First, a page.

Supposedly the price of electric cars will come down as volumes increase, making the vehicles more affordable. But even if the federal tax credit increases from $7,500 to $10,000, as Obama has proposed, and other states mimic California by adding an additional $1,500 tax credit, Americans may not buy electric vehicles because of their shortcomings in size, comfort and range.
The surest way to guarantee a product's failure is to subsidize it. Over time, cars that succeeded in the marketplace have been those that were developed and commercialized without government involvement.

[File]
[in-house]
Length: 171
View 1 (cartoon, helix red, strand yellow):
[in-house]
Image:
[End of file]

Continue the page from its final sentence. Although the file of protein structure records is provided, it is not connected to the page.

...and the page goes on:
If a technology isn't capable of succeeding on its own economic merits, there's no amount of taxpayer support that will ever make it a commercial success.
Mark J. Perry is a professor of economics at the University of Michigan in Flint, and a scholar at the American Enterprise Institute (www.aei.org) in Washington.
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